Later, children guilty of minor offenses, including truancy, and innocent children, including orphans, were placed in the school.

Many families and witnesses believe children died under questionable or suspicious circumstances at the school, the USF report said. Between 1914 and 1960, burials occurred on school grounds in an area known as “Boot Hill,” where white crosses commemorating 31 burials were placed decades later. In 2011, the school closed.

Shortly thereafter, the USF research team began its work to identify those buried at the school and the circumstances of their deaths.

What they found incited “great controversy” in the community, Meyer said. Some local voices “strongly objected” to the USF research, while “a lot of people” simply did not want to believe “the story of the horrors” that had taken place at the school, he said.

“In its heyday, Dozier was considered a great institution,” Meyer said. Each year, boys at the school would design a huge Christmas display and “cars would line up for a couple of miles” to see it. Many people in Jackson County had worked there or had family who worked there or had a business serving the school. Add to that, the school, which was also a working farm, received children from throughout the country. “We have to remember this school at its height was the largest reformatory school in the country,” Meyer said.

Inevitably, then, the original USF investigation became a subject of contention. Civil rights and race questions were raised once the researchers discovered that most of the remains were African American boys. It was “very disconcerting” that “some great horror” had gone on at the school, Meyer said.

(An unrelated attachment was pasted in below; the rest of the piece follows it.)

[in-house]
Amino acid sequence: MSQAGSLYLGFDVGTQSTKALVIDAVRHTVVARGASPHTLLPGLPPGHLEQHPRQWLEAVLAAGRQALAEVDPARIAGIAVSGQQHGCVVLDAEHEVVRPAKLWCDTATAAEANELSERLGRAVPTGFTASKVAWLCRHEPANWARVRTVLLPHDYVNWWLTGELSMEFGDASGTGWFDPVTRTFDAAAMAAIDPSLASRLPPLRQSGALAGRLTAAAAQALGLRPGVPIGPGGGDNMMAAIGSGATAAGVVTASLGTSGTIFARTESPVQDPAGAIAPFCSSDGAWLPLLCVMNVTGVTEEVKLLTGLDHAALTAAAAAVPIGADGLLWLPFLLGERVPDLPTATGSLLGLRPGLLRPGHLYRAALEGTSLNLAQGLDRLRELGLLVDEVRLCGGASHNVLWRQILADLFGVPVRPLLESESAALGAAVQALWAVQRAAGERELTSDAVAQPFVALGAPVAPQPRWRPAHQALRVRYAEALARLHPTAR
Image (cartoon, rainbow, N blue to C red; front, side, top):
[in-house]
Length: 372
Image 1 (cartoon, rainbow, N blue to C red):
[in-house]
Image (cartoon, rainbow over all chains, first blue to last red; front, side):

At times, the researchers required police protection, he said.


Today, attitudes about the current investigation are different.

“I’m very happy to say that everybody is at the table and there is a consensus for moving forward to find out what we can possibly know about the property and come up with a clear history,” Meyer said.

Hurricane Michael changed the environmental situation for the better. Assessment of the property had begun prior to the category 5 storm, yet damage done by hurricane opened up clearings on the property where previously there were none, Meyer said.

“Before Hurricane Michael, the foliage in the area was in many cases so extremely thick that LIDAR could only do so much” for those investigating the property for hidden graves, he said. The new clearings might also make it possible for the USF researchers to investigate beyond the 27 anomalies and either prove or disprove community rumors of other illicit burials on school grounds, Meyer said.

Landry said “there’s a lot of stuff being uncovered as a result of the Hurricane. For many of us, we feel that those were the spirits calling out.” These “voices of the dead” need to be heard, he said: “We’re holding and waiting.”

Meyer said, “Dozier, in my opinion, represents the story that happens when we turn our backs on public accountability of the institutions we create for caring for children in need and at risk.”

“We have to remember the victims – they were completely innocent,” he said.